MARTIN – Edward Royal Marines Woolwich Division 88th Company

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NameMARTIN – Edward
Regiment (s)Royal Marines Woolwich Division 88th Company
Regiment Number (s) 8114 or 844
Date/Age/Place/Trade or
Profession at Attestation
10th July 1828 / 22 years / Birmingham Warwickshire England
Brickmaker
Description – Height
Complexion/Eyes/Hair/Scars
5 Ft 8½ in
Fair / Hazel / Dark Brown / None
Overseas Service/DurationShips at sea:
Excellent – Asia and Hyacinth  1 year 9 months 25 days
Hyacinth – 26th July 1834 to 29th July 1836
Algerine – 30th July 1836 to 26th January 1837
Hastings – 15th July 1838 to 13th July 1839
Vernon – 23rd November 1840 to 8th May 1844
Length of Service15 years 11 months 4 days
Rank/Date/Place of DischargeGunner / June 1844 / Not yet known (probably Woolwich Kent England)
Campaign MedalsNot yet known
Intended Residence at
Discharge
Not stated
Pension Districts1844 Falmouth
1863 Tilbury
1863-  Western Australia
Pension Paid£18/4/0 per annum
Date of Departure and Place
England or Ireland
23rd September 1863 Portland Dorset England
Ship and Date of Arrival
Western Australia
LORD DALHOUSIE 28th December 1863
Date/Place of Birth1806 Darlaston Staffordshire England
Date/Place of Baptism6th March 1806 St Lawrence Darlaston England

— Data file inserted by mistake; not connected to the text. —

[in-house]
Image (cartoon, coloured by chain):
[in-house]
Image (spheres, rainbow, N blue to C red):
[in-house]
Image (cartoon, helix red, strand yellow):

Father
Date/Place of Birth
MARTIN John (on baptism record)
Not yet known
Mother
Date/Place of Birth
Marriage
UNKNOWN Maria (on baptism record)
Not yet known
SiblingsNot yet known
1st Wife
Date of Birth or Baptism
Did not marry
Children by 1st WifeNot applicable
Land Grants Western
Australia
None
Occupation after
Arrival
Not yet known
Newspaper ArticlesNone found
Departure from Western
Australia
Not yet known
Date/Place of Death/BurialNot yet known
Date/Place of Death/Burial
Wife
Not applicable
Will or ProbateNone known
Further InformationIt is not yet known if Edward Martin remained in Western Australia or lived and died elsewhere.

A detailed memorandum by Lt. Col Bruce (CO 18 Piece 140 part 1 page 149) in reference to the manner in which two sentries (Edward) Martin and Molloy discharged their duty on the occasion of the escape, from the North Fremantle chain gang, of 10 convicts, on the evening of the 14th March 1864.
Of the Enrolled Pensioners he states:
As regards physical fitness and training both sentries are efficient soldiers. They are moreover men of intelligence and good character.
Martin is from the marines and Molloy served in the 64th under Sir Henry Havelock during the celebrated advance to Cawnpore.”